O.G.S. Crawford founded ANTIQUITY 75 years ago as a private venture and declared it to be a `needed organ to express the points of view' of scholars and `to publish the cream of their researches'. Its purpose was to `serve as a link between specialists and the general public' (1955:193). Its function was `to tell readers about the most interesting things that are going on in the archaeological world, and also to foreshadow coming events of outstanding importance' (1957: 57). He reflected that `ANTIQUITY thus became, quite naturally and informally, the organ of the then younger generation, consisting of alert-minded students who were creating new implements of research and using them to give substance and form to prehistory' (1954). His fundamental ethos was that `archaeology is world-wide; our subject is the origin of man and the roots of our culture, and important discoveries bearing off these matters may come from any part of the world'.
Many archaeologists gathered here to celebrate this journal no doubt will claim to have personal and sentimental feelings towards the journal ANTIQUITY, be they young Turks or mature practitioners. But why are you here? What makes ANTIQUITY significant and different from other journals of archaeology?
Is it its independence of spirit?
Or is it the vast range of subjects, places and periods that are contained within the journal?
Or is it that what is published represents the honest yet authoritative opinions of the individuals who write, unrestricted by politics, status or view, able to be candid and often controversial?
Is it the topicality of the Editorials, which review events, news and developments--humorously or critically as required?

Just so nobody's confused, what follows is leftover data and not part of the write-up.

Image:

Or is it simply that it appears frequently and regularly?
ANTIQUITY, of course, is all of these things.
Firstly, O.G.S. Crawford quite intentionally planned that ANTIQUITY would be independent of any institution or society, able to express a range of views (Crawford 1932: 131):
In recent numbers of ANTIQUITY there have been published several provocative criticisms of contemporary affairs ... In a freelance journal like Antiquity such matters can be ventilated with more freedom than elsewhere: and if these occasional draughts of fresh air cause some people to catch cold we sincerely regret their inconvenience but maintain that the atmosphere is improved and the majority benefited thereby. Science has nothing to gain from polite humbug which nobody believes.
As Mortimer Wheeler (1958: 3) wrote of him after his death in 1957, Crawford was full `of boyish glee in calling the bluff of convention [which] never left him, and never ceased to stimulate and delight'.
Virtually every other review, journal or annual of an archaeological, cultural or historical nature is tied closely to an institution or association--be it a museum, university or county society. Publications sponsored by these necessarily echo their current ethos, since production is paid for and edited by its members. Material for such journals is selected because it `fits' the parameters and reflects the interests of the members, subscribers and associates, however narrow or broad they may be.
When Crawford founded ANTIQUITY, he was well aware of the self-selected archaeological centres of influence in Oxford University, the Society of Antiquaries of London, the County societies, the national museums and the rest; and he sought to offer wider and more interesting material in ANTIQUITY for a general readership. He wanted the journal to be bought on the news-stands and, indeed, he was successful; for decades, ANTIQUITY could be bought at W.H.Smith and on railway-staiton bookstands. Crawford reflected the changing ideals of the 1920s--The Common Man: thus (1955: 3):
ANTIQUITY is not just a journal published by archaeologists for other archaeologists, and specializing in some particular aspect or period or country. …